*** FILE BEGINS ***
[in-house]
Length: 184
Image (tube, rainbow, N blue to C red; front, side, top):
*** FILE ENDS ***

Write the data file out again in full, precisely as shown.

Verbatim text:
[in-house]
Length: 184
Image (tube, rainbow, N blue to C red; front, side, top):